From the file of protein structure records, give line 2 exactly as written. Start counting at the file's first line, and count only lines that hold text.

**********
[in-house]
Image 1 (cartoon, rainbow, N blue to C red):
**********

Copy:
Image 1 (cartoon, rainbow, N blue to C red):